On December 7, Myanmarese soldiers killed 11 people and burnt their bodies, media reports stated. Some of the victims were reportedly burnt alive by the soldiers following a retaliatory raid in a village in northwestern Sagaing Region. Some accounts described the 11 people as civilians while others have termed them anti-coup volunteers.
The gruesome incident took place at Done Taw in Salingyi Township during a military raid after guerrilla fighters detonated explosives in an attack against a military convoy.
Several locals blamed the soldiers of torturing the people before killing them. Graphic images of the smouldering remains of the burnt bodies lying in ash with outstretched limbs have agitated the locals and invoked widespread condemnation on social media. Activists have accused the junta of carrying out numerous such rights violations ever since taking power in February 2021.
According to one local, “victims were taking shelter in a makeshift hut while running away from the military raiding their village. The soldiers found them, beat them up and burned them.” Similarly, another local from the Done Taw village said “the victims were running through the farm and got shot and were taken to the hut where they were burned.”
The identity of all the victims has not yet been ascertained due to the charred condition of the dead bodies. However, a list compiled by Done-based anti-coup militants said that at least 10 were part of their defense volunteers.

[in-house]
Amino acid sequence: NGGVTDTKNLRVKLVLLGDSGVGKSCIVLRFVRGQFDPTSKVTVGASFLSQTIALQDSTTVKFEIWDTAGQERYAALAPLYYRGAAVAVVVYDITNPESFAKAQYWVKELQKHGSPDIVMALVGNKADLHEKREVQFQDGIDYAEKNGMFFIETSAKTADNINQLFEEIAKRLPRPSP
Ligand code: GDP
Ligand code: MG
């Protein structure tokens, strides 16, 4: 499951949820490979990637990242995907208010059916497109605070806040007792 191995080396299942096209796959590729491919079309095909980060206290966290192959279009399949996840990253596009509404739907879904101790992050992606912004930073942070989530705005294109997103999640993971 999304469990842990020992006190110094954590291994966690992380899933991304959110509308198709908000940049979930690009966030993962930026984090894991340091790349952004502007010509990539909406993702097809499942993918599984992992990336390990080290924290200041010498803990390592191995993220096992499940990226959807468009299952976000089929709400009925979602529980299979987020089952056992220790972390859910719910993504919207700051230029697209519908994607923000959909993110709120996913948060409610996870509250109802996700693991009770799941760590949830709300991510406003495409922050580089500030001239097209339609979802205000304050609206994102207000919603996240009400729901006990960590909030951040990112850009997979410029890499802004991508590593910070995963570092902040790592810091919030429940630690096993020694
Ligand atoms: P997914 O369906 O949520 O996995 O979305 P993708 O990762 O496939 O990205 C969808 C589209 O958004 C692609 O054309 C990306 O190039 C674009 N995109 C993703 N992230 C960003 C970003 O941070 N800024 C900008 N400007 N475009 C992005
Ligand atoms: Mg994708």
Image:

According to several reports, incidents of the Myanmar military (Tatmadaw) burning down villages during raids against anti-coup dissenters have occurred repeatedly especially after the anti-coup rebels decided on resorting to a defensive war on September 7.
“As of December 7 at least 1305 people are now confirmed killed by this junta coup. And a total of 7823 people are currently under detention… While 357 people have been sentenced to death (including 2 children),” the Assistance Association for Political Prisoners said.
United Nations Secretary General Antonio Guterres has said that to bring the conflict under control, a five-point plan should be implemented in Myanmar which calls for a “collective approach” that focuses on “peaceful dialogue, a humanitarian aid package, and close cooperation with ASEAN’s special envoy.”